not memories of joy and curiosity. One of my earliest memories is trying and trying to learn how to write my own four letter name, I remember everyone else in the class seemed to learn the task but I was stuck. I was lost from the start, learning the letter sound and even worse trying to print letters that were dancing all over the page. It was almost impossible for me to write or copy letters because they were reversed, upside down, transposed and illegible by the time my mind tried to decipher them. Most students learned to write their names in kindergarten. In first grade and beyond, I was not able to write my name unless I had an example to copy from, even in second grade and beyond I would focus and concentrate so hard on the shape and the direction the letters were facing, yet I would still transpose or reverse the letters. This constant failure just made me hate school and despise writing. Every time I tried to print, it was a like writing upside down and backwards while looking in a mirror, holding my paper and pencil using my big toes. The big change in my writing came in third grade with the introduction of cursive. Cursive was easier to learn and made more sense in part because it connected all the letters and it used muscle memory.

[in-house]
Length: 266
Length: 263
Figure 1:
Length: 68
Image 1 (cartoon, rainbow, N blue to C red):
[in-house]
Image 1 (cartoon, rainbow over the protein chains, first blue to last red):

Teaching me phonemic awareness and letter recognition was like trying to drive a car from the trunk. Three years of phonics and even more phonics didn't get me very far. Trepidation wasn’t the word I was feeling when initially evaluated for a learning disability but more a sense of relief that my charade was over. Finally, I was going to learn how to read. My happiness died quickly when the reality of more phonics was the prescription. I realized very quickly I was alone in my journey to learn how to read. I just could not make the connections between the sounds and the letters. None of the experts had a clue what to do except more of the same.